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"Our city is dying" (News, September 18) words apparently said at a recent meet-the-candidates meeting.
Our incumbent mayor reacted by saying if re-elected she would be willing to lead a council-run initiative to address these issues.
A mixture of Airbnbs and the undesirable presence of the homeless is to blame apparently.
These things are not new.
I walked Tutanekai St at 7am after leaving my wallet at home. By my count, there are 83 shops (excluding Eat Street). Eight are empty.
I am no night owl so what it's like at night I have no idea with the heady mix of alcohol and drugs. Throw in some online shopping, hassles with parking and like many other cities in NZ, the CBD is looking shabby.
There is a generic air about the place with an overabundance of clothing, and beauty parlours.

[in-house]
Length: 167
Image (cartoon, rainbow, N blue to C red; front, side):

What about a pedestrian mall down the main street with grass and a designated strip for bikes, with coffee shops and restaurants? I'm no town planner so I would leave it to the experts. That doesn't, in my view, include councillors who would probably just tinker, missing the big picture.
I did see half a dozen homeless on my walk.
Of course, our children should be taught New Zealand history in school.
We did, so it surprises me that it has no longer been happening. But it concerns me that the teaching may be biased. I am hoping that this subject will be fairly taught, with due respect being given to the way things were in the early days of colonisation.
From my reading over the years, I have learned that there was good and bad, but that there was kindness shown in many instances.
My great-great-grandfather paid for his land with blankets. He was not a wealthy man, and those whom he purchased the land from were delighted.
Strange but true.
A N Christie